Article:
Government Assistance
Oral Question Period

2:55 p.m.

Brant
Ontario

Liberal

Jane Stewart Minister of Human Resources Development

Mr. Speaker, I am very sensitive to the devastating impact that these fires have had on individuals in the Okanagan. I am happy today to tell the hon. member that the employment insurance commission has agreed to make more flexible the work sharing provisions so that those businesses that have been affected can ensure they can continue and that their employees can continue to go to work.

In that context I would remind the hon. member that there is no two week waiting period associated with work sharing.

Marriage
Oral Question Period

2:55 p.m.

Bloc

Richard Marceau Charlesbourg—Jacques-Cartier, QC

Mr. Speaker, the future Prime Minister, the hon. member for LaSalle—Émard, wants an immediate vote on same sex legislation, without waiting for the Supreme Court's opinion, doubtless to avoid dealing with this thorny issue during the next election campaign.

Does the Prime Minister feel the same way as his potential successor, or will he wait for the opinion of the Supreme Court requested by his own government?

Marriage
Oral Question Period

2:55 p.m.

Outremont
Québec

Liberal

Martin Cauchon Minister of Justice and Attorney General of Canada

Mr. Speaker, the government has implemented a process. This process is clear and contains a clear policy. This process is a respectful one.

The government is seeking and will obtain the court's opinion on draft legislation. The Supreme Court's opinion will address the three questions it was asked. Then, obviously, once we have obtained the court's opinion, all parliamentarians will have the opportunity to take part in a free vote in the House.

In my opinion, the government has chosen a good process that respects the various parties involved.

Trade
Oral Question Period

2:55 p.m.

Liberal

Karen Redman Kitchener Centre, ON

Mr. Speaker, Canada has a very reputable wine and spirits industry. In fact, some international award winning vintages have been produced from some of our over 170 wineries from all provinces of Canada. Yet the industry faces obstacles to access its product in the European Union.

Could the Parliamentary Secretary to the Minister for International Trade tell us what developments have happened regarding our increased access to the European Union?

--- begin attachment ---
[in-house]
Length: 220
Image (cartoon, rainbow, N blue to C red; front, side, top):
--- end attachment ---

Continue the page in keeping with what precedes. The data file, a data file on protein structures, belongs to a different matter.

Trade
Oral Question Period

2:55 p.m.

Dufferin—Peel—Wellington—Grey
Ontario

Liberal

Murray Calder Parliamentary Secretary to the Minister for International Trade

Mr. Speaker, I am very pleased to announce today that the Minister for International Trade, along with his colleague, the Minister of Agriculture and Agri-Food, in Niagara-on-the-Lake signed the Canada-EU wines and spirits agreement.

The federal government has worked in close consultation with the industry and the provinces. This agreement will benefit both Canadian and EU wine and spirits industries. It will enhance trade opportunities for both regions while providing a larger variety for consumers.

Marriage
Oral Question Period

2:55 p.m.

Canadian Alliance

Jim Pankiw Saskatoon—Humboldt, SK

Mr. Speaker, the Canadian Alliance leader stated that he supports codifying civil unions in law for homosexuals.

However, the biggest failure on same sex marriage rests with the Prime Minister. He is refusing to honour the clause that he himself put in the Constitution, a clause that acts as a legitimate check and balance against laws made by unelected and unaccountable judges.

Why is the Prime Minister refusing to invoke his own constitutional notwithstanding clause to protect the legal definition of marriage?

Marriage
Oral Question Period

3 p.m.

Outremont
Québec

Liberal

Martin Cauchon Minister of Justice and Attorney General of Canada

Mr. Speaker, we said many times that it is a question of rights. We are talking about equality rights. It is a question of dignity as well. The course of action that has been chosen by the government is the right course of action.

We are striking the right balance with the draft bill because we are facing essentially two principles: equality rights as well as the protection of religious belief. We will obtain the opinion of the Supreme Court of Canada and then parliamentarians will have their say on a free vote.